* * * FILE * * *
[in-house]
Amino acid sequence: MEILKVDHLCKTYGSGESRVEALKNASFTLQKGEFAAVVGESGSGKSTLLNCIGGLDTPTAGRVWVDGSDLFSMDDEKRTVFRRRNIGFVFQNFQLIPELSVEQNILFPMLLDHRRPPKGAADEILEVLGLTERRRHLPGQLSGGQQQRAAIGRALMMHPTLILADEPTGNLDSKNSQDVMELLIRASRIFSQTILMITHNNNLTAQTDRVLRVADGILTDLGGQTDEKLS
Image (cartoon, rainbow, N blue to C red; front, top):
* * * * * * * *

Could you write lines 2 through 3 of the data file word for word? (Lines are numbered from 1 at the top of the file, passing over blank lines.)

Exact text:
Amino acid sequence: MEILKVDHLCKTYGSGESRVEALKNASFTLQKGEFAAVVGESGSGKSTLLNCIGGLDTPTAGRVWVDGSDLFSMDDEKRTVFRRRNIGFVFQNFQLIPELSVEQNILFPMLLDHRRPPKGAADEILEVLGLTERRRHLPGQLSGGQQQRAAIGRALMMHPTLILADEPTGNLDSKNSQDVMELLIRASRIFSQTILMITHNNNLTAQTDRVLRVADGILTDLGGQTDEKLS
Image (cartoon, rainbow, N blue to C red; front, top):